Samsung deposes Apple to become smartphone king. Samsung (OTC:SSNLF) grabbed 23.8% of the market for smartphones in Q3 2011, breezing past Apple (NASDAQ:AAPL) (14.6%) to take the number one spot, Strategy Analytics said. Nokia (NYSE:NOK) was in third place with 14.4%, but remained the overall leading provider of handsets. Samsung's taking of the smartphone crown came after sales almost quadrupled year-on-year to a record 27.8M. This helped the South Korean company make a net profit of 3.44T won ($3.11B) in Q3, although that was down 23% due to weakness in sales of the firm's consumer products and electronic components.
Moody's upgrades Ford and GM. Moody's has increased the credit ratings of Ford (NYSE:F) and General Motors (NYSE:GM) one level each to Ba1, the highest non-investment grade, with a positive outlook on both. Moody's cited the companies' ability to remain competitive following recent labor union agreements. However, obtaining another upgrade may be more complicated, Moody's indicated. "One of the hurdles in getting to an investment-grade rating is the difficulty in gauging just how bad things could get in Europe," said analyst Bruce Clark.
Yahoo cooks up "cash-rich" scheme for Asian stakes. The speculation swirling round Yahoo (YHOO) shows no signs of abating, with The Wall Street Journal reporting that the Internet portal is examining a "cash-rich split-off" that could let it divest its 40%, $14B stake in Alibaba (OTC:ALBCF) without paying taxes on the profits. The savings could amount to about $5B, and Yahoo is looking at a similar structure for its 35% stake in Yahoo Japan, which is valued at $6B. Reuters reports that the sale of Yahoo itself is stuck, because of the company's lack of strategy and a confidentiality agreement that prevents potential suitors from forming consortiums.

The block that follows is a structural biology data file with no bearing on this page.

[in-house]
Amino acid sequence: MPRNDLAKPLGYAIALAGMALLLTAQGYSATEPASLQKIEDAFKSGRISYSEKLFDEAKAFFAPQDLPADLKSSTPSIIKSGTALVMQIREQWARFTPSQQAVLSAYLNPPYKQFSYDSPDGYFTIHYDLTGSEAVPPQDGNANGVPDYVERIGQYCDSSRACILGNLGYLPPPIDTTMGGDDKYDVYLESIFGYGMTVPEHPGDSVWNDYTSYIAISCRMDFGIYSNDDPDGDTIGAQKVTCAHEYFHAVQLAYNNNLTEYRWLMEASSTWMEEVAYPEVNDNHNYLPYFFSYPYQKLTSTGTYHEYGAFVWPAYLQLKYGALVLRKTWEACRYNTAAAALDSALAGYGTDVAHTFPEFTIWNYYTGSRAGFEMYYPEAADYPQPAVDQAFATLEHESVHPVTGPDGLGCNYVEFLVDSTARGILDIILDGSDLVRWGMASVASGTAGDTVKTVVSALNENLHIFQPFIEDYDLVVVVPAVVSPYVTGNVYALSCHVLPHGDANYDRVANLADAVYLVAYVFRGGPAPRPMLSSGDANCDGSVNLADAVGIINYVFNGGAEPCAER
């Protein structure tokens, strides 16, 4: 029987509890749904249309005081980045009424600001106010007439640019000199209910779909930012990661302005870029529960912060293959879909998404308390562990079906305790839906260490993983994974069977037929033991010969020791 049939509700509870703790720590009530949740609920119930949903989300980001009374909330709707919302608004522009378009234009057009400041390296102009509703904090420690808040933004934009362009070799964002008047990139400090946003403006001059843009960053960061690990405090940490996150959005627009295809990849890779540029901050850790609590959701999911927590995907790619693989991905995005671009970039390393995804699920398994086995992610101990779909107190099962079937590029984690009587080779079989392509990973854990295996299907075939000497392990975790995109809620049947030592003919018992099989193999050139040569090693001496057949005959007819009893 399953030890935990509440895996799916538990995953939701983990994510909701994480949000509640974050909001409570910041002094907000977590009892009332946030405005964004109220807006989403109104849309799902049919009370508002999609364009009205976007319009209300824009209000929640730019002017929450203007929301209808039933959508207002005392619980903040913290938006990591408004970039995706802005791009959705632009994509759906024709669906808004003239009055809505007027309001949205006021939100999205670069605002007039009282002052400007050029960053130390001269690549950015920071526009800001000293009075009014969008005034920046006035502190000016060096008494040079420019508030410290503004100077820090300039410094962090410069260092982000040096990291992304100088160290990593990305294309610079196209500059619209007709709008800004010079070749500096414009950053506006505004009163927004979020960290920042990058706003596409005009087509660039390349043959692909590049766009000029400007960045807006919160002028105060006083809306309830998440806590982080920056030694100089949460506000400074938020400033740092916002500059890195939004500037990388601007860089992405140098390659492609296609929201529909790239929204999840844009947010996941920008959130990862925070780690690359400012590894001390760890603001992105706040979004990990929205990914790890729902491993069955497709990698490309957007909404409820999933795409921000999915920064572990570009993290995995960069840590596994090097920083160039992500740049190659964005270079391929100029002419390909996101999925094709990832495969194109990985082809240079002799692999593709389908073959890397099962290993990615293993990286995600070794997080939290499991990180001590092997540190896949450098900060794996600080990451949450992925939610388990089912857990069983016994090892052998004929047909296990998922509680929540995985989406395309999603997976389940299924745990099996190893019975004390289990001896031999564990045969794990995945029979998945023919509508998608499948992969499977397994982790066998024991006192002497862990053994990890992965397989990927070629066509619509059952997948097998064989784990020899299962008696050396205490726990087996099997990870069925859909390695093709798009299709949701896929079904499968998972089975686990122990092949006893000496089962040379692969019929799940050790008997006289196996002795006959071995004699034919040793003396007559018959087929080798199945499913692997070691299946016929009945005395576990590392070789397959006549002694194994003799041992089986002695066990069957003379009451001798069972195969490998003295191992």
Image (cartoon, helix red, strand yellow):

Australian fund renews lawsuit against GS over CDOs. After failing in a lawsuit in July, Australian fund Basis Yield Alpha Fund is now suing Goldman Sachs (NYSE:GS) for $1B in damages for selling it CDOs despite the bank expecting the value of the securities to tumble. Basis Yield accuses GS of creating the assets, called Timberwolf 2007-1, to get toxic mortgage-backed securities off its books and then to bet against them. Earlier this year, a Senate report criticized GS for marketing Timberwolf even after a top executive told a colleague that it was a terrible deal.
JPMorgan leaves BofA to the wrath of the mob. Where Bank of America (NYSE:BAC) boldly goes, JPMorgan (NYSE:JPM) declines to follow, saying it won't charge fees on debit cards to make up for revenue lost due to new restrictions on transaction charges, credit cards and overdrafts. JPMorgan joins US Bancorp (NYSE:USB), Citigroup (NYSE:C) and other large banks in deciding to avoid the wrath of consumers and Washington. The banks, though, should be wary of tacking on other fees - a study by the Safe Banking Opportunities Project has found that "hidden or unexpected" charges are the top reason why the working poor close their accounts.
In Asia, Japan +1.4% to 9050. Hong Kong +1.7% to 20019. China +1.6% to 2473. India +3.0% to 17805.
In Europe, at midday, London -0.3%. Paris flat. Frankfurt +0.3%.
Futures at 7:00: Dow -0.35%. S&P -0.4%. Nasdaq -0.4%. Crude -1.6% to $92.44. Gold -0.5% to $1738.30.
Friday's economic calendar:
8:30 Personal Income and Outlays
8:30 Employment Cost Index
9:55 Reuters/UofM Consumer Sentiment
Earnings Results: Companies that beat EPS expectations last night and today include Advanced Micro Devices (AMD), Baidu.com (BIDU), Electronic Arts (ERTS), Expedia (EXPE), Gilead Sciences (GILD), Qlik Tech (QLIK), Las Vegas Sands (LVS), MetLife (MET), Newell Rubbermaid (NYSE:NWL).